Mister

Topics: Operating system, Microsoft Windows, File system, Windows Vista, Microsoft / Pages: 17 (4142 words) / Published: Apr 8th, 2014
Chapter 4 Lab
Hands-On Projects
In some Windows Vista/7 or Server 2008/Server 2008 R2 projects, you may see the User
Account Control (UAC) box, which is used for security to help thwart intruders. If you see this box, click Continue. Because computer setups may be different, the box is not mentioned in the actual project steps.
Project 4-1
File systems store and manage files like a personal assistant to the file system user. In this project, you employ My Computer or Computer to view folders and files in Windows Vista/7,
Server 2003/Server 2003 R2, and Server 2008/ Server 2008 R2. Also, you view the information that is stored for and can be displayed about a file.
To view folders and files and their associated information in Windows XP or Server 2003/Server
2003 R2:
1. Click Start and click My Computer.
2. What information do you see displayed? Record your observations.
3. Double-click Local Disk (C:) to view folders and files on the hard drive.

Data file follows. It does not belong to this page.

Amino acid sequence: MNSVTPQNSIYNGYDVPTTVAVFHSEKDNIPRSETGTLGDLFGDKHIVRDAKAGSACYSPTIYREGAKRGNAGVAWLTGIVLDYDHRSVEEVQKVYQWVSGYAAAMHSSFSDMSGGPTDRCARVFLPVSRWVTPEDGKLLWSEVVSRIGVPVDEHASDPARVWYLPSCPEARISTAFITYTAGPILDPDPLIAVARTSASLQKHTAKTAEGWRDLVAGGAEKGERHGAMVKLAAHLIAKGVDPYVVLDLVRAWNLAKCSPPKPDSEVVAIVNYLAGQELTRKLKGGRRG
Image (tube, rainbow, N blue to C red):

4. Record some examples of folders that you see. Are there any files displayed?
5. Double-click Documents and Settings to view more folders.
6. Click the View menu and click Choose Details to see the Choose Details dialog box. Use the scroll bar to view all of the information stored about a folder’s contents. Click Cancel.
7. Close the Documents and Settings window.
To view folders and files and their associated information in Windows Vista/7 or Server
2008/Server 2008 R2:
1. Click Start and click Computer.
2. What information do you see displayed? Record your observations.

3. Double-click OS (C:) or Local Disk (C:), depending on the operating system, to view folders and files on the hard drive.
4. Record some examples of folders that you see. Are there any files displayed?
5. Double-click Windows in the right pane to view more folders.
6. Right-click the Name column heading and click More as in Figure 4-20 to see the Choose
Details dialog box (shown earlier in Figure 4-2). Use the scroll

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